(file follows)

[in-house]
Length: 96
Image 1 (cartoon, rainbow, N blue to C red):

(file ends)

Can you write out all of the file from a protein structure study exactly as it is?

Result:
[in-house]
Length: 96
Image 1 (cartoon, rainbow, N blue to C red):